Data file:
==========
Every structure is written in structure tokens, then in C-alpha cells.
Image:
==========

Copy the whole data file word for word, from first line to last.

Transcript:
Every structure is written in structure tokens, then in C-alpha cells.
Image: